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How We Employ Regenerative Practices In Our Home Garden

What if we could make the earth healthy by making more eco-conscious choices in our garden? Using regenerative gardening practices, we can have a positive impact on the planet. Check out these eight ways we practice regenerative habits in our home garden.

It might be the middle of winter, but I’m starting to think about our garden for the upcoming season. A little planning goes a long way toward a healthy garden, especially one built on regenerative practices that keep the soil and garden healthy without unnecessary fertilizers and pesticides.

After developing a serious crush on composting (… who knew that was possible…), I started focusing a lot more on ways to practice regenerative gardening habits in our home garden. While sustainable habits keep things status quo, regenerative practices benefit the soil and ecosystem to make them healthier and stronger over time

Regenerative Gardening At Home

Last year, I tried a few regenerative gardening practices, all of which proved to be great changes that benefited our garden and made it easier for me to manage. It was a win across the board, and I’m pumped to incorporate even more regenerative gardening skills into my garden this upcoming year. 

Kiss The Ground hosts an online and in-person class (in Los Angeles, California) all about Regenerative Gardening and Living that has been particularly helpful and incredibly interesting. I joined the online class last fall and am still working my way through the final modules. I’ve already learned so much. If you’re interested in learning more about Regenerative Gardening and Living in your house, I highly recommend checking out this class. You can get 10% off with code SOIL2020.

As I’ve learned more about the principles, I’ve incorporated several regenerative practices in our little home garden to help it flourish and better nourish our family. Here are some of the ways we incorporate regenerative living principles in our family’s fruit and vegetable garden. 

8 Ways To Employ Regenerative Practices In Your Home Garden

Composting

Composting might be the simplest and most straightforward regenerative garden practice. Just about anyone can find a way to compost their food scraps and feed the soil in their garden or their community

We compost all of our produce kitchen scraps as well as yard waste to create nutrient-rich humus for the soil. Throughout the year, I add to the bin and use the humus for replenishing soil in a bed, adding nutrients to the soil at the end of a growing season, or just adding a little boost to any plants that could use some love. You can find all the dirt on our homemade dirt in my edition of Bring Your Trash To Life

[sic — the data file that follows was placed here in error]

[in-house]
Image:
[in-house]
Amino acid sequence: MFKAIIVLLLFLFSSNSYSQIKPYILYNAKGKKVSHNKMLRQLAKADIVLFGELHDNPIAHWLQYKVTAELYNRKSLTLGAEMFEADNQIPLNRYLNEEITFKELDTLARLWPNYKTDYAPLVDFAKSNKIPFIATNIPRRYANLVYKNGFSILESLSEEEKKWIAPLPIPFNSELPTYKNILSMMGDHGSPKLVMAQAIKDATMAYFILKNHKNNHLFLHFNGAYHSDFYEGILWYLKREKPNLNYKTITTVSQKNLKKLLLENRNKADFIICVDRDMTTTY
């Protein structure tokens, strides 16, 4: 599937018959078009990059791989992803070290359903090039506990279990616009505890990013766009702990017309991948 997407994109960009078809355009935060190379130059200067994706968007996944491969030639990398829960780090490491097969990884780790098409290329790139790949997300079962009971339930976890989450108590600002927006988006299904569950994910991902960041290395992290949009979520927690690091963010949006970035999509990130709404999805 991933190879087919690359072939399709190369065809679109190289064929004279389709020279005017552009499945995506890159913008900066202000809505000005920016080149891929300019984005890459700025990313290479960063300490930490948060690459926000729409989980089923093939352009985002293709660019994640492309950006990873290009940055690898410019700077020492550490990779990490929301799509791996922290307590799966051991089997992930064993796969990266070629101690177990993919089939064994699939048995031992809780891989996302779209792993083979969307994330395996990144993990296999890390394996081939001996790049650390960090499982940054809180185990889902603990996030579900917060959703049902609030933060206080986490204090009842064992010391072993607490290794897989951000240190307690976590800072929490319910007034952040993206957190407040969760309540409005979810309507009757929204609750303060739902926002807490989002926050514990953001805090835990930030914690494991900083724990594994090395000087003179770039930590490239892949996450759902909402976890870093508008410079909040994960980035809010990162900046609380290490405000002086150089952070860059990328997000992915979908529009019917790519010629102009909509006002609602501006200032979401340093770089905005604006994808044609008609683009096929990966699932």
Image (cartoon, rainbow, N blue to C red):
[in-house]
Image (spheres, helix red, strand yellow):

Ignore The Weeds

I do not have a Pinterest perfect garden. To help increase water retention and reduce soil erosion, I let weeds grow in the pathways between beds. Not only do the weeds protect the soil (as opposed to leaving it bare), but they also provide food and shelter to many bugs and pollinators that help maintain a healthy balance in the ecosystem of my garden. 

I trim the weeds once or twice during the summer if they grow tall enough to bother me when I’m working in the garden, but generally, I leave them be. I don’t ignore all the weeds; I pull those near plants when the weeds threaten to overtake the plants and utilize all the nutrients from the soil. But otherwise, I trust that weeds play an important role in a healthy garden ecosystem (and I save myself the hassle of dealing with them). 

Birds and Bugs Are Welcome

Many insects and animals that most gardeners shun from their space actually provide great benefits to the garden. My son J helped me add several pollinator-friendly plants and flowers to the garden this year to attract bees, butterflies, and other creatures that benefit the garden. Further, we use no pesticides of any kind. Instead, we rely on healthy soil to keep plants strong and birds and bats to eat unwanted bugs.